Terminology and Glossary


The section of an instrument located between the mouthpiece, head joint or crook and the main sections. A separate section in this location enables the player to adjust overall tuning.

The bottom or last section of a wind instrument, usually flared.


In double reed instruments, a section of bent or curved tubing, usually metal, that connects the reed to the main body of the instrument.


The part of the key which covers the sound hole. It is usually made air-tight by a pad of leather, cork or cloth attached to the underside of the flap or a plug. See illustration.


The individual sections of wind instruments, usually where the main keywork is located.


See key flap designs.


The part of the key that connects touch and flap. A hole drilled through the edge of the shank accommodates a metal wire or screw on which the key then pivots. See illustration.


Springs, usually metal, are used to return the key to its original position after being depressed by the player. Springs can be attached to the body of the instrument, or to the material of the keys.

Flat spring or Leaf spring: A hammered metal spring (usually brass or steel), attached by screw or rivet to the finger end of a key. It is also sometimes screwed into the key mount assembly, so that it exerts an upward pressure on the rear of the key.

Keys mounted in metal saddles were frequently sprung in this optional reverse manner in the early stages.

Needle spring: Used on some of the post and rod key designs - in which round, tapered springs, wedged into small post holes, controlled key return - for some or all of the keys that pivoted on a hinge rod assembly. They usually work in parallel to the axis of the key, and the narrow end of the spring is engaged by a small hook brazed to a key element.

Touch plate or Finger plate: The part of the key on which the finger or thumb presses to activate the key. See illustration.

Key mounts

There are numerous ways in which makers have mounted keys onto the body of an instrument. The following are the main ones found on instruments in the collection:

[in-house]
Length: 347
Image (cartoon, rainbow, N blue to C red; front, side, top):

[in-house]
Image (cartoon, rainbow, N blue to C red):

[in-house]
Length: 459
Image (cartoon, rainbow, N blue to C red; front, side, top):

Ring: A raised ridge on the body formed during turning, with a square or round cross-section. Keys are usually secured to rings by metal pins. See illustration.

Block: A ring reduced to the minimum amount of wood needed to mount a key. Keys are usually secured to blocks by metal pins. See illustration.

Saddle: A metal u-shaped channel screwed through its flat bottom to the wood body surface. It may be of varying length, depending on its application. Some later saddles have extended foot-plates to provide screw-holes outside the key channel itself.

Pillars or post and axle mounts: The pillars are the most common means of mounting keys for the last 150 years. The pillars may be screwed into the wood, soldered onto the metal body or may be first attached to a metal strap or bed-plate, which is then attached to the body. See illustration 2.

Recessed into body: A shallow channel is cut into the body; the key has a projecting lug that fits into the channel, pivoting on a wire.

Key flap designs

Where appropriate, key flap designs have been indicated. Designs represented in the collection include:

Salt spoon: Found on instruments from the late 19th Century onwards, salt spoon key flaps are concave and contain a stuffed leather pad.

Modern: Style key cup refers to those early key designs having a modern style pad retainer or cup. Early examples of such key cup designs were similar to the modern recessed key cup form, which takes a disc-shaped stuffed pad, but were otherwise old-fashioned with respect to mounts and other elements.

Pewter plug: A type of pad made from soft pewter that fits into the hole in a metal plate attached to the wood body, patented by Potter in 1785.

They were used during the first three quarters of the 19th Century, principally for open-standing keys, especially those on a flute foot-joint, although some flutes, especially if made in England, were outfitted completely with plug keys. See item 2.9 for an example.

Swallow tail: A type of touch plate design enabling the player to operate the key using either left or right hands. See item 3.4, ‘Moore’ oboe.

Parts of instruments

Recorder: Head joint (including embouchure hole and lip), main joint (includes most the finger holes), and foot joint (usually including one or two finger holes and the bell).

Flute: Head joint (including embouchure hole), barrel, joints (upper and lower, including key work and finger holes), foot joint (usually including finger hole(s) and/or key work).

Oboe: Upper joint (including crook or staple receiver, finger holes and key work), lower joint (including finger holes and key work), bell (including vent holes).

Clarinet: Mouthpiece (attached to which is a single reed), barrel, joints (upper and lower, including key work and finger holes), bell.

Bassoon: Wing joint (including crook receiver, finger holes and key work), butt joint (including finger holes and key work), bass joint, bell.

Key work systems

Key systems are stated for each instrument and described in full where appropriate.